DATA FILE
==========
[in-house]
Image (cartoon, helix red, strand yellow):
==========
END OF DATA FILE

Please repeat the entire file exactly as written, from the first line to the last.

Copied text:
[in-house]
Image (cartoon, helix red, strand yellow):